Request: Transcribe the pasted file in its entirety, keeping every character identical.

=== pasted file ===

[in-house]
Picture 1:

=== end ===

[in-house]
Picture 1: